Also surviving are siblings Betty (W.C.) Smith, Wesley Buddy (Joyce) Branham and Shearl (Morris) Tuttle; grandchildren James Tyler, Anastasia, Brandy, Lucas, Elizabeth, Kristopher, Bryson, and Megan along with many nieces and nephews.
Mr. Branham is preceded in death by parents Wesley Monroe and Emma Goolsby Branham.
Arrangements by Sellars Funeral Home, Lebanon.
Rev. Robert Dewitt Agee, age 78, retired Southern Baptist Minister, of Lebanon passed away Tuesday, October 11, 2011, at the Vanderbilt University Medical Center. He was born November 10, 1932, in Hickman, TN, the son of the late Comer and Mildred Reasonover Agee.
He was a 1950 graduate of Gordonsville High School. He received his Bachelor of Arts in 1959 from Belmont College in Nashville and graduated from New Orleans Theological Seminary in 1962. He was a U.S. Army veteran of the Korean War.
Rev. Ageebegan his ministry in Smith County preaching at Dillards Creek and Jared Baptist Churches. His first pastorate was Smith Fork Baptist Church 1957-59, followed by Four Points (AL) 60-62, Prosperity 62-65, Calvary (Brownsville, TN) 65-67, Gladeville 68-72, and again 74-81, Calvary (Lebanon) 97-99. He also served as Chaplain for Brushy Mountain State Prison 67-68; Associate Pastor of Immanuel Baptist Church, Lebanon, 72-74 and he served as Director of Missions for the Wilson County Baptist Association fifteen years from 1981-96.
He was a member of the First Baptist Church, Lebanon, where he taught the Volunteer Hardaway-Jenkins Sunday School Class. He was a member of the Wilson County Planning Commission.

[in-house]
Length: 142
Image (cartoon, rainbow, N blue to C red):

In addition to his parents, he was preceded in death by his brother, Randall Agee. He is survived by his wife of over fifty-seven years, Marie Stallings Agee; three children: David (Myra) Agee of Nashville, Denise (Jim) Gibson of Lebanon, Miriam (Bob) Dobbins of Hillsborough, NC; seven grandchildren: Austin Agee, and Joel, Nathan, and Rachel Gibson, and Jonathan, Kaitlyn, Mary Elizabeth Dobbins.
Funeral services are Friday, October 14, 2011, at 10 a.m. at the First Baptist Church, with Rev. Russ Stephens, Rev. Don McElroy, Rev. David Freeman, Rev. W.L. Baker officiating. Interment will be in the Baird Memorial Cemetery in Hickman, TN.
Visitation Thursday 3-8 p.m. at Ligon & Bobo Funeral Home and after 9 a.m. Friday at the church. Grandsons and sons-in-laws will serve as Active Pallbearers.
Honorary Pallbearers: Volunteer Hardaway-Jenkins Sunday School Class of First Baptist Church and the Monday morning Retired Pastors Prayer Group. A special thanks to Dr. Mark Wigger, Dr. David Hanson, Kathy Brisendine RN, Dr. Kenneth Anderson, and the staff of Vanderbilt University Medical Center MICU. Memorial contributions may be made to First Baptist Church, Lebanon, Mission Fund.
LIGON & BOBO FUNERAL HOME, in charge of arrangements.
By PATRICK HALL, The Wilson Post
Officials in local government and the Joint Economic and Community Development Board of Wilson County said Tuesday that despite many rumors, they are still awaiting word whether Project Tango will choose Lebanon as a permanent location.
Wilson County Mayor Randall Hutto said they expect to hear confirmation one way or another in the next 10 days.
Nothing is confirmed, but we hope to have that confirmation in about 10 days, he said. He noted confirmation could come in the form of purchasing land or just a notification that the company would choose Lebanon or Wilson County.
This past Thursday, Tennessee Economic and Community Development Commissioner Bill Hagerty said that Project Tango was the online retailer Amazon. Previously released details about Project Tango indicated the company is looking for two locations, one for a large sorting facility and another for a smaller non-sorting facility.